The English major in the real work world

Published 9:01 am Friday, November 16, 2012

Column: Notes from Home

Query: What does the English major say to the Engineer?

Response: Would you like fries with that, ma’am?

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This is a joke that makes my colleagues in the English department cringe. I’ll get back to why I find it both hilarious and poignant later, but first there’s something you need to know: I am an unconventional English major.

Oh, I’ve always loved stories (and poems, movies and plays) and I still do. So that’s pretty traditional English major stuff. And I love the questions that all good stories get people to think about. I love talking about the stories I love reading and re-reading.

The first inkling that this was not enough to be seen as a respectable literary scholar was at a faculty party where I was a student worker pouring wine and serving crackers with cheese. A faculty member asked why I was an English major, and I gave him the answer above. As he turned away, I saw a smirk on his face as he arched his eyebrows at a colleague. While I didn’t immediately change majors, I did make sure I never took a class from that professor.

What makes me different from that scholar, and lots of other English majors, is how I feel about many of those “classic” texts that English majors are supposed to love to read (over and over again). These are the stories that leave me feeling as though the author was self-consciously trying to write literature.

Take Herman Melville’s “Moby Dick.” Yes, please, take it away, not to burn it or shred it or anything drastic like that. Just take it away and put it on a shelf, where people can gaze at its leather binding in rapt adoration.

If it’s not clear to you yet, I don’t like “Moby Dick.” I’ve read it three times. I know the story well enough to recognize quotations and references to images within its pages. But I find the book tedious. If I want to read a serious and also entertaining novel set in the ocean, I’ll read Jules Verne’s’ “20,000 Leagues Under the Sea” or Annie Proulx’s “The Shipping News.”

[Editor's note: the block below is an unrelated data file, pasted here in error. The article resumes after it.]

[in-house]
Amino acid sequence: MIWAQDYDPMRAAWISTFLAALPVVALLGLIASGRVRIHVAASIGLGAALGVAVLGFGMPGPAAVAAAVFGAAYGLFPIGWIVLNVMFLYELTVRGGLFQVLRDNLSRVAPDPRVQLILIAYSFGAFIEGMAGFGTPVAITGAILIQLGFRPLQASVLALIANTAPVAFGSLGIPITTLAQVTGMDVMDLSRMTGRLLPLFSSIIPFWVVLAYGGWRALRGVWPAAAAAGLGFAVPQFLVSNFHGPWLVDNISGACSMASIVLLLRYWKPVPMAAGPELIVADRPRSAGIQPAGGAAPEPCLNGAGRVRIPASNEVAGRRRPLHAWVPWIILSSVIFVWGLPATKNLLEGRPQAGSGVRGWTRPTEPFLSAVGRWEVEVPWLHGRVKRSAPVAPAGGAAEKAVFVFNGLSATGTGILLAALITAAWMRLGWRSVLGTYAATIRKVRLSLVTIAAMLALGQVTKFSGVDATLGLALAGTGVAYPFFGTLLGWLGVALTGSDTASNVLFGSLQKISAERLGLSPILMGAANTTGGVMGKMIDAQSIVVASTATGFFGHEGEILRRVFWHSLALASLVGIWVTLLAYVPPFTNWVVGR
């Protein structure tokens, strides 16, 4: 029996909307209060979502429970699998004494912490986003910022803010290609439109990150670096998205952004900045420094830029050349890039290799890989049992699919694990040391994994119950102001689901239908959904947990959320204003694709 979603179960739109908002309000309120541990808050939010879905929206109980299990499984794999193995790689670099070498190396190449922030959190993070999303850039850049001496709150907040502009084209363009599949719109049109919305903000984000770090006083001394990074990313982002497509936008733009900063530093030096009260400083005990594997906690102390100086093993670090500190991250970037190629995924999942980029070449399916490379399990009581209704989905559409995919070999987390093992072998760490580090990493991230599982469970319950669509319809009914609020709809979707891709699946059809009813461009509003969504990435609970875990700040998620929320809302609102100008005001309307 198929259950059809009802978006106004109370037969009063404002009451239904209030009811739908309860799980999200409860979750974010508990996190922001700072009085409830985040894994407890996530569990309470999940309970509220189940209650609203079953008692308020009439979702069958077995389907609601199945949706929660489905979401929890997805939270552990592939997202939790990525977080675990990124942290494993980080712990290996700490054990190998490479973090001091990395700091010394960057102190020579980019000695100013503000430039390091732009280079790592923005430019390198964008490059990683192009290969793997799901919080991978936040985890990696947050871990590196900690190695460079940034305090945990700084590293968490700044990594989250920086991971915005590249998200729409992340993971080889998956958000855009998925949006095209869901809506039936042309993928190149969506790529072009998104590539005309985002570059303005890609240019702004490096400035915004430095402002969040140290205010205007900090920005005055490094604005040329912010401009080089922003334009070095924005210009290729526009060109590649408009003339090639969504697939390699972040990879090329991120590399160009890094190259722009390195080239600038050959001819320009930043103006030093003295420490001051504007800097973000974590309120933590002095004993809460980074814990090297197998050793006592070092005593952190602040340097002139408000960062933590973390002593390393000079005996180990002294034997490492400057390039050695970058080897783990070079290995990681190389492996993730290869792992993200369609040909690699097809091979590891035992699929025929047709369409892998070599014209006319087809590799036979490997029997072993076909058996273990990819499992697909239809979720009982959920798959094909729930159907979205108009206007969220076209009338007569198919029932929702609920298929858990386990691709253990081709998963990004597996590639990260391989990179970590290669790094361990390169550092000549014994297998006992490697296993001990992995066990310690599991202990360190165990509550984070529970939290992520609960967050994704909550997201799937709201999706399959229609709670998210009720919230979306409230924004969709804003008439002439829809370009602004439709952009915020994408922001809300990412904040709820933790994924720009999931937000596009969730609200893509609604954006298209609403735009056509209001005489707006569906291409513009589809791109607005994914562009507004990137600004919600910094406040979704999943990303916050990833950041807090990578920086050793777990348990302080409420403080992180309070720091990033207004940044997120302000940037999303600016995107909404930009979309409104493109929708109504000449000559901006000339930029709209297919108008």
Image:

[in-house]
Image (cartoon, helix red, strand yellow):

That tedious thing in “Moby Dick” I want to avoid — as much as I can when I’m teaching, and nearly always when I’m reading for myself — is the feeling that the author intentionally buried deep philosophical truths inside the story. Many of the transcendentalist writers of the 19th century do the same thing for me, and in the 20th, writers like Herman Hesse and Thomas Pynchon fall into this category, as well as the novels of William Faulkner.

It’s especially distressing with writers like Faulkner and Melville, because they so obviously could write stories that were interesting to read without having to use an encyclopedia or a degree in philosophy in order to understand them. Read their short stories if you are skeptical (and believe me, I so understand your skepticism).

Stories worth reading first and foremost need to be good stories. They need to have strong, human characters (even when the characters are robots or elves) who act and react to events in a fictional world that is fascinating (whether it’s inner city Chicago or the planet Gethen) and have adventures (encounter obstacles or create tension) that resonate with readers.

Back to the joke with which I started. What can a person do with an English major? Obviously I don’t really believe that literary types are doomed to careers in food service. But what someone chooses to make out of an academic life rooted in the interpreting of texts is not as narrowly defined as a degree in accounting or engineering.

English majors can do pretty much anything, including trying to become the president. If an English major ends up behind the counter at Mickey D’s, it’s not because they spent their time reading books. For one thing, maybe they actually like that kind of work. It might, however, be that, despite their reading, they don’t have enough imagination to come up with something more interesting.

The last laugh with that joke could come like this: If you search the hierarchy of the companies where many engineers and accountants work, you will probably find English majors among the bosses. In the real world, English majors are everywhere.


David Rask Behling teaches at Waldorf College in Forest City, Iowa, and lives with his wife and children in Albert Lea.